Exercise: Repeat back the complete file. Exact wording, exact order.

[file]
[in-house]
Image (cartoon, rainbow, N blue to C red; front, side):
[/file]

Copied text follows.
[in-house]
Image (cartoon, rainbow, N blue to C red; front, side):